The new year 2014 began with a terror act in Balochistan, when a suicide car bomb attack targeted a passenger bus of Shia Pilgrims on Wednesday. At least two people were killed and 26 others injured in the attack according to the sources the bus, being escorted by a police van, was attacked in Akhterabad area of Quetta. The injured included women, children and four security personnel. The bus was coming from Iran. Gunshots were also fired after the bomb attack, as unidentified culprits opened aerial fire at the scene while the bus burned completely to ashes. According to the Bomb Disposal Squad, around 100 kilograms of explosive material were used in the bombing.
Apart from Baloch insurgency and ruthless “Abduct, Kill and dump” of Baloch youth, Balochistan is also marked for systematic killing of Hazara community on the bases of sectarianism. Recently on November 1, 2013, six coalminers belonging to the Hazara Shia community were gunned down near Machh town, in Bolan district. The banned outfit Jaish-ul-Islam claimed responsibility for the attack in which one miner was injured. Regardless of government claims, November 2013 remained bloody month for the Hazaras.
In the attacks on Shia in 2013, more than 325 people have been killed and some seven hundred injured. The dead ones include women, children, policemen and most of the people belonged to Hazara Shia community.
2013 remained deadly year for the Hazaras. On 10th January 2013, a suicide attack killed at least 115 people and a total of 270 were wounded and in February a car bomb near Quetta killed 73 and wounded at least 180 people. According to the Human Rights Commission of Pakistan in 2012, “Hazaras have been uprooted from Loralai, Machh and Zhob (small towns in Balochistan province around Quetta city) and over 800 had been killed since 1999 and at least 550 Hazaras have been killed from February 2008 until May 2012.For the last five years, more than 50,000 Hazaras especially youngsters have left Quetta city, majority of them have managed to take refuge in other countries and nearly 300 lost their lives off shores of Australia when the boats capsized.”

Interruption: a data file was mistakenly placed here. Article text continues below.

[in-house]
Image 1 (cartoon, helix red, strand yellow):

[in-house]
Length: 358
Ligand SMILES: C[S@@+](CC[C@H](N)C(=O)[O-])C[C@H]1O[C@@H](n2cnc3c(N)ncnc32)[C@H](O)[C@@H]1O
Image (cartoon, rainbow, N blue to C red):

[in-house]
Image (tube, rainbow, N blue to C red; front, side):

Today, the treatment of the Hazaras in Balochistan and the increase in violence directed at them remains unchanged. Hazaras are the victim of sectarianism. Because the government claims to enforce security measures to protect this community, the government has a responsibility to forestall further violence directed at them.
It is clear that the Hazaras are not protected and exist in a precarious situation. That Hazaras have been living in Pakistan since the 19th century. The Hazaras are mainly Shiite Muslims in the Sunni-dominated area of Quetta, the capital city of Balochistan. Although the United Nations, Amnesty International and Human Rights Watch have reported on the systematic killing of the Hazaras, no notable developments have improved their security. The Hazaras hold responsible the security forces that fail to routinely protect them.
After every attack on Hazars, high-alert security is claimed but the systematic killing takes place again very smoothly, claiming loss of human lives in large number. It is beyond one’s understanding why this population being close to Quetta Cantonment and security alert areas, is killed without any hindrance. Hazaras hold the security forces responsible for failing to protect them; however, some of them say that the institutions have not failed rather they lack the intention to protect Hazaras from the terrorists.
It is time for the central government to take the crimes against the Hazaras seriously and offer as much security as needed to protect this vulnerable ethnic group.